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Viewpoint |

A Public Health Perspective on a National Precision Medicine Cohort Balancing Long-term Knowledge Generation With Early Health Benefit

Muin J. Khoury, MD, PhD1; James P. Evans, MD, PhD2,3
[+] Author Affiliations
1Office of Public Health Genomics, Centers for Disease Control and Prevention, Atlanta, Georgia
2Department of Genetics, University of North Carolina, Chapel Hill
3Department of Medicine, University of North Carolina, Chapel Hill
JAMA. 2015;313(21):2117-2118. doi:10.1001/jama.2015.3382.
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This Viewpoint discusses the potential public health benefits of using genomic information in a large population-based cohort.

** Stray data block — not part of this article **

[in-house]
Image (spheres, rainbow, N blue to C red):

The new US precision medicine initiative1 has been made possible by improvement and price reduction in genome sequencing, as well as advances in multiple sectors of biotechnology. The initiative includes 2 components: a focus on cancer intended to spur development of new targeted cancer treatments, and a proposal for establishing a national cohort of at least 1 million people to explore genetic and environmental determinants of health and disease. The success of this initiative requires a public health perspective to help ensure generalizability, assess methods of implementation, focus on prevention, and provide an appropriate balance between generation of long-term knowledge and short-term health gains.

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